What causes thick or thin peels in citrus fruits?? Navel oranges or lemons

Preface: I have never really took much notice in this matter prior to very recently when I noticed the epidemic of thick-skinned navel oranges at the college dining halls. I often heard grumbles of “Why is the orange peel so thick?” as students dug into their navel oranges. Then, I remembered, I have encountered especially thick skinned lemons back when we had a lemon tree at home. This led me to wonder what causes different peel thicknesses in citrus fruit, and does this say something about the nutritional quality of the fruit?

Citrus fruits

Let me first clarify the obvious: with oranges, there are all sorts of varieties which result in; thin rind oranges that are harder to peel but more suitable for juicing, or thick rind naval oranges that are easier to peel. But usually, the fruits of each varieties e.g. satsuma, mandarin, tangerine, or naval, almost always have identical peel thickness. I will be talking about in this post, the causes of different thickness peel in the same variety citrus fruit.

credit: http://www.gardeningknowhow.com/wp-content/uploads/2010/02/citrus-thick-peel-398x600.jpg
credit: http://www.gardeningknowhow.com/wp-content/uploads/2010/02/citrus-thick-peel-398×600.jpg

So what causes this?

Nutrition imbalance

Often, thick rinds in citrus fruits are caused by either too much nitrogen or too little phosphorus. To put simply, too much nitrogen will affect the plant’s ability to absorb phosphorus, and thus causing a phosphorus deficiency (When there is more or less of one of these substances, the other will also be affected). When there is too much nitrogen or too little phosphorus the plant will almost always bear small fruits with thick rinds and very little juice.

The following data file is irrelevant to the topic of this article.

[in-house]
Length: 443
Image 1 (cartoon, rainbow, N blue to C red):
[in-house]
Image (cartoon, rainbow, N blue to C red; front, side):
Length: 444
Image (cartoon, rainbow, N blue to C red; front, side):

Backyard gardeners often make this mistake by having added too much nitrogen-rich fertilizer into the soil.

Effect on nutritional quality

Since thick rinds in citrus fruits are most likely caused by nutritional imbalance in the soil, there is potential that the nutritional profile of the fruit will be affected. Thick-rind, dry fruits can be thought of as defect products from factories. Nevertheless, oranges with slightly thick peels but normal interior should not be wasted as this is not an indicator of severe nutrition deficiency.

In fact, all kinds of fruit varieties, including oranges, will contain different traits and nutritional value i.e. vitamin C and citric acid content. For example, check out this chart on vitamin C content in apple varieties: http://www.naturalhub.com/natural_food_guide_fruit_vitamin_c_apple.htm

So how do we tell which piece of fruit is more nutritious? Contrary to popular beliefs, the sourness of a citrus fruit does not indicate high vitamin C content. In fact, a citrus fruit’s sourness depends on its citric acid level. After all, how could a guava which has no sour taste whatsoever contain almost 4 times as much vitamin C as naval oranges per 100 g? The best way to eat fruit and obtain the optimum nutrition is when it is still fresh (vitamin levels decrease over time after the fruit has been picked, and even more so at room temperature), recently picked, and has been stored well. That is local and naturally grown fruits.

Conclusion: thick peel citrus fruits are simply fruits from a tree grown in unfavorable condition. As long as the flesh taste and look fine, they should still be quite nutritious.

Now, I know the story behind the epidemic of thick rind naval oranges at the dining halls. Perhaps the dining services have changed fruit suppliers, or the changes in season has effected the orange tree’s fecundity. Whatever the problem was: save the oranges!

– Izzy